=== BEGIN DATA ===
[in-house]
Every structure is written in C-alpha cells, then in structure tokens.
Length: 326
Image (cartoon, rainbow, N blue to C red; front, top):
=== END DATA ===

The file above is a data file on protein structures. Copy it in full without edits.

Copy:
[in-house]
Every structure is written in C-alpha cells, then in structure tokens.
Length: 326
Image (cartoon, rainbow, N blue to C red; front, top):